Greg Stump: “I wanted to make a film on the history of ski films from the 1930s with Leni Riefenstahl through what's going on today with the kids. It's kind of a historical thing. It's funny a lot of people who saw the movie the other night were like, 'I had no idea that's where that came from.' The fact that Warren Miller is imitating John Jay. John Jay is imitating Otto Lang and Otto Lang is imitating Leni Riefenstahl. It's the whole concept that the ski movie is this big giant book and there are all these little chapters. It's not just 'extreme,' or just 'goofy' Warren Miller. Not that Warren is goofy. You know what I'm saying. Warren didn't invent the comedy routine. John Jay did. He's the one who brought comedy into the ski movies.”
Real Aspen: Why did it take you more than ten years to make another pure ski film?
Greg Stump: "I quit making the extreme thing because it was getting too dangerous. That's another theme in 'Legend of Ahhhs.' Someone was going to get hurt or killed in front of a camera and I wasn't going to do that. I was always doing advertising stuff and music video stuff from the very beginning. And so I was just like, 'You know what? I'm not going to do this anymore.' Plus it's a lot of work. Making a ski movie, it's hard. Call up Steve Winter or call Robert Johnson. It's weather dependent so that takes it completely out of your hands. You can only position yourself to get lucky. You're sitting around for months. The reason 'Dr. Strange Glove' is such a screwed up weird movie is I had no footage of skiing. There was no snow that year. What do you do? It didn't snow that year. [Different voice:] 'How's your ski movie?' 'Really dirty.' 'How do you mean, like sexually?' 'No. Dirt. Dirt and rocks. Really dirty and rocky. Lots of saplings. Grass.' 'You mean like weed?' 'No, grass coming through the snow.'”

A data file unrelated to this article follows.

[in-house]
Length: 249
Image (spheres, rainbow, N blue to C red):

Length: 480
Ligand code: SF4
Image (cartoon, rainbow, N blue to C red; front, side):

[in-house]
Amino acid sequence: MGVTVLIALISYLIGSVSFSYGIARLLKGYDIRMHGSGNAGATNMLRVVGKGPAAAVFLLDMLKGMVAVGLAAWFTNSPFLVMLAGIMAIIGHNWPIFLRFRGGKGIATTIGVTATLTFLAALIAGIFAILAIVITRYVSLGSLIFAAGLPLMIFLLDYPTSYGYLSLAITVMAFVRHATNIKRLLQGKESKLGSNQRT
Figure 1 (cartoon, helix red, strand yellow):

Real Aspen: I heard you say you still have more editing to do. Is this just a first draft of the film?
Greg Stump: “It's more than just the first draft. It's like the eighty-five-thousandth draft. At one point that movie was two hours and 37 minutes long. I had to get it down to 90 minutes. Sequences that took months to build? Bye-bye. Gone. 'Sophie's Choice' is the best way to describe it.” He added that he was "antsy" during the Aspen screening, in part, because “three days before the show here, we had major computer meltdowns so I couldn't do my final tweaks.”
Real Aspen: Who are your influences?
Greg Stump: “Leni Riefenstahl, who is in my movie. She did 'Oympia.' Her use of dissolves and putting athletes to music — she really invented that. Terry Gilliam as a director. [Martin] Scorsese ... 'Shutter Island' is unreal. He keeps getting better. Those are my favorite three. I'd go Gilliam, Scorsese and you'd have to throw in Riefenstahl since she invented sports film.”
Real Aspen: Why did you get into film?
Greg Stump: “Because I wanted to get laid.”
"It worked!" the snow siren next to him squeals.
And with that, the interview is pretty much over.
Stump has boiled down his life's sole purpose into one Freudian conclusion. He is motivated by sex. And that's just it. His honest, unfiltered and raw perspective is exactly why Greg Stump's work — three decades later — remains relevant today.